John Trudell will visit LCSC campus week of March 25
The Lewis-Clark State College Humanities Division is bringing John Trudell, a Santee Sioux poet, musician, and activist, to campus March 25-26 and 29 as part of the Visiting Artist/Scholar program, sponsored through a donation from the Rosehill Estate.
On Tuesday evening March 26 at 7:30 p.m. Trudell will give the Rosehill Lecture/Presentation in Sacajawea Hall 115, which is free and open to the public. In addition to Tuesday's presentation, Trudell will be visiting classrooms, including Dr. Marlowe Daly-Galeano’s American Literature II class on Monday, and Dr. Chris Norden's Native American Written Literature class on Tuesday. Trudell will also speak with the Humanities Faculty during a "Thinking Through Lunch" on Friday.
Trudell's rich history includes being spokesperson for the Indians of All Tribes occupation of Alcatraz Island from 1969 to 1971. He then worked with the American Indian Movement (AIM), serving as Chairman from 1973 to 1979. In February of 1979, a fire of unknown origin killed Trudell’s wife, three children and mother-in-law. It was through this tragedy that Trudell began to find his voice as an artist and poet, writing, in his words, "to stay connected to this reality."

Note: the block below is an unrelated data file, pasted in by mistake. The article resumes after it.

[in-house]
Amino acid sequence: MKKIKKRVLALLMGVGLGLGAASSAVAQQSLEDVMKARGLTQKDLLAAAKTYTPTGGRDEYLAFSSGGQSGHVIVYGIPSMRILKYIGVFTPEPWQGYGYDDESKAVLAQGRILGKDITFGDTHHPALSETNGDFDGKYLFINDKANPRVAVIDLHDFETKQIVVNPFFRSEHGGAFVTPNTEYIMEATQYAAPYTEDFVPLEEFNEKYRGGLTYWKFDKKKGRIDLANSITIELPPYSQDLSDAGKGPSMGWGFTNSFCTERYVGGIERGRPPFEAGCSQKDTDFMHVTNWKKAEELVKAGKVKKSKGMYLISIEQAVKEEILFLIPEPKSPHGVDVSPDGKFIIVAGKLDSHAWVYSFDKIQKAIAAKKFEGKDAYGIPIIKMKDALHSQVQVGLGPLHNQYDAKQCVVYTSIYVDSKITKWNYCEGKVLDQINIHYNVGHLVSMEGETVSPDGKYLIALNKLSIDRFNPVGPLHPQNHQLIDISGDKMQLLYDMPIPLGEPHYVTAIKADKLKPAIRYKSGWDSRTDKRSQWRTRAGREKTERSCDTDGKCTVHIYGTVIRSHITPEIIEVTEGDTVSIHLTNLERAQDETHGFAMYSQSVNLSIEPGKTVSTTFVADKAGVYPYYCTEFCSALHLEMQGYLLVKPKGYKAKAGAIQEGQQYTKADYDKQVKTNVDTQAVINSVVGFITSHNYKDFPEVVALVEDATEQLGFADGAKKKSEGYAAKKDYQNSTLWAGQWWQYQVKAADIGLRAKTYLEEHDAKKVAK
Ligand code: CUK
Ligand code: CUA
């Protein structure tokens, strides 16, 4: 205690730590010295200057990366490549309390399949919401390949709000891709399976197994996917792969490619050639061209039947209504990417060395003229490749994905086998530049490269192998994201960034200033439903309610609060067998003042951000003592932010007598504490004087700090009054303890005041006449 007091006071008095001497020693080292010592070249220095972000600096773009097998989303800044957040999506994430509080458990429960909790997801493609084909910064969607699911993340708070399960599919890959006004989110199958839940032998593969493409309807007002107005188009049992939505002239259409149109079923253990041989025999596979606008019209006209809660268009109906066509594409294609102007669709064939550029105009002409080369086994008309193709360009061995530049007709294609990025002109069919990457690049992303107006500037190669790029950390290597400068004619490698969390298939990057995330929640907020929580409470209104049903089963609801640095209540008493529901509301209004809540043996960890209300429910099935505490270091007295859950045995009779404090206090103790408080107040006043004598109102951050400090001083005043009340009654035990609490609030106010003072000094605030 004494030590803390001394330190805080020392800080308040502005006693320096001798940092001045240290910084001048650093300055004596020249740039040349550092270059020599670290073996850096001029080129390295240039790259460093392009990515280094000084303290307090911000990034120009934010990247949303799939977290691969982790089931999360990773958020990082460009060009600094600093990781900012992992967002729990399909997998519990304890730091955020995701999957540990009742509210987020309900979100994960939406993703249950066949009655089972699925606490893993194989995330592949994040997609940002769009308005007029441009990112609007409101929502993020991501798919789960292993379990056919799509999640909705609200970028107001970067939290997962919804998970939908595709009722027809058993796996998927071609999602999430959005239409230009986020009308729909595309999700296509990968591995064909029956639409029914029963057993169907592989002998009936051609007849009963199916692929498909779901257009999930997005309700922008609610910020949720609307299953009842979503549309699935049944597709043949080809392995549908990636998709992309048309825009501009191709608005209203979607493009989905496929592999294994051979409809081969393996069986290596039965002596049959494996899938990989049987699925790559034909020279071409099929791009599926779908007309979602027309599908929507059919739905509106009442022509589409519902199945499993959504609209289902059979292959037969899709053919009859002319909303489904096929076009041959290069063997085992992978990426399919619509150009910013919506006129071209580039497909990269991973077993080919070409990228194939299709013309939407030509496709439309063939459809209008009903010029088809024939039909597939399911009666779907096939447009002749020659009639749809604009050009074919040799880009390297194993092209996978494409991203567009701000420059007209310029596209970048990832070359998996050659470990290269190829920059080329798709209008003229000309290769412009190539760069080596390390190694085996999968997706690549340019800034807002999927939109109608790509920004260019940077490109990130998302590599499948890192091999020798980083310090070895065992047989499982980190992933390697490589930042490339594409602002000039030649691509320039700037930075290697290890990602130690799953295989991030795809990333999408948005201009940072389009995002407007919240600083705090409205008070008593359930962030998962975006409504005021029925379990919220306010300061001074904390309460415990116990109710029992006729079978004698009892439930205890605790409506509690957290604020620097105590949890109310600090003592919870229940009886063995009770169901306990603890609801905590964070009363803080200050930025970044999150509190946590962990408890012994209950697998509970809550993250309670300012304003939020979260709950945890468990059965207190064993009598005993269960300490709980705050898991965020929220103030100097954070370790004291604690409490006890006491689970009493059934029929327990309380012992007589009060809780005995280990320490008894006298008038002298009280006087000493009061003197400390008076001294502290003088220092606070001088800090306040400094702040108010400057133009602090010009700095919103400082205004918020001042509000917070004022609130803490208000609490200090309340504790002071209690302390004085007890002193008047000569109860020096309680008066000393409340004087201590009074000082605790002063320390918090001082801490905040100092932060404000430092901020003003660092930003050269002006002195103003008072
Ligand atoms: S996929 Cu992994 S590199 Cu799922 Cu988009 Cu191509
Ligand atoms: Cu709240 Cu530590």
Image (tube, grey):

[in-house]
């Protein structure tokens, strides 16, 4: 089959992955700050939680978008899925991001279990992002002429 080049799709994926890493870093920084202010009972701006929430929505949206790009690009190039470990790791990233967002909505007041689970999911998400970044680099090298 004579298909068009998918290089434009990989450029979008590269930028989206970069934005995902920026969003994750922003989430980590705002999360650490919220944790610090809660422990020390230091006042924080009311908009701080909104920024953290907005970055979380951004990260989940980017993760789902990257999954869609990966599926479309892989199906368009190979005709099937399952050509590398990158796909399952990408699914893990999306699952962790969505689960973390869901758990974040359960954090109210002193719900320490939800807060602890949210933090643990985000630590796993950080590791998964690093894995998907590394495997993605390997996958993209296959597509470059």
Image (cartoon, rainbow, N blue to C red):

His poetry and spoken word recordings, where he records his poetry to traditional Native music, has led to the release of 11 albums, including "AKA Graffiti Man", dubbed by Bob Dylan as the best album of that year. Trudell has also played roles in a number of feature films, including a lead role in the Mirimax movie "Thunderheart" and a major part in Sherman Alexie's "Smoke Signals." He is involved in Native and popular music, oral culture and American Indian Literature, human rights and other contemporary issues.
For more information visit Trudell’s website at
For more information on Trudell's visit to LCSC, contact Dr. Okey Goode at 792-2434 or email@example.com.